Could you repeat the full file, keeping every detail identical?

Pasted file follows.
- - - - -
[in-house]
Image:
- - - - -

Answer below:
[in-house]
Image: